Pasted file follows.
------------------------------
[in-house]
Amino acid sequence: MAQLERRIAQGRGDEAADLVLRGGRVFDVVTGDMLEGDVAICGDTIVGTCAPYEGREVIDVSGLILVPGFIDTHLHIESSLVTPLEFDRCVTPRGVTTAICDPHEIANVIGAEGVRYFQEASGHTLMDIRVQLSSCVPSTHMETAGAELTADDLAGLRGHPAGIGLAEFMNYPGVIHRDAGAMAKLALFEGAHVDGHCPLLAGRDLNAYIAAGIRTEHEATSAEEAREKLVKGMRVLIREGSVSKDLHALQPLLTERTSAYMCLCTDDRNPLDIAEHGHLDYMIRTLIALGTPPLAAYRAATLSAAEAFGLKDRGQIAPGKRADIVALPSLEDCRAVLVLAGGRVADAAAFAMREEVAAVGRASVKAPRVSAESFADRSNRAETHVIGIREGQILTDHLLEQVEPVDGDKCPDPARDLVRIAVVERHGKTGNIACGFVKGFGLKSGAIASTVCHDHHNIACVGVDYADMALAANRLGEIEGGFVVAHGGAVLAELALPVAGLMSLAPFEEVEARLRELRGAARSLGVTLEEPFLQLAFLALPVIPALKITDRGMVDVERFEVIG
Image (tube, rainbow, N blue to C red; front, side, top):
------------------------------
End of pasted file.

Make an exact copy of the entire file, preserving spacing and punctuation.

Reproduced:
[in-house]
Amino acid sequence: MAQLERRIAQGRGDEAADLVLRGGRVFDVVTGDMLEGDVAICGDTIVGTCAPYEGREVIDVSGLILVPGFIDTHLHIESSLVTPLEFDRCVTPRGVTTAICDPHEIANVIGAEGVRYFQEASGHTLMDIRVQLSSCVPSTHMETAGAELTADDLAGLRGHPAGIGLAEFMNYPGVIHRDAGAMAKLALFEGAHVDGHCPLLAGRDLNAYIAAGIRTEHEATSAEEAREKLVKGMRVLIREGSVSKDLHALQPLLTERTSAYMCLCTDDRNPLDIAEHGHLDYMIRTLIALGTPPLAAYRAATLSAAEAFGLKDRGQIAPGKRADIVALPSLEDCRAVLVLAGGRVADAAAFAMREEVAAVGRASVKAPRVSAESFADRSNRAETHVIGIREGQILTDHLLEQVEPVDGDKCPDPARDLVRIAVVERHGKTGNIACGFVKGFGLKSGAIASTVCHDHHNIACVGVDYADMALAANRLGEIEGGFVVAHGGAVLAELALPVAGLMSLAPFEEVEARLRELRGAARSLGVTLEEPFLQLAFLALPVIPALKITDRGMVDVERFEVIG
Image (tube, rainbow, N blue to C red; front, side, top):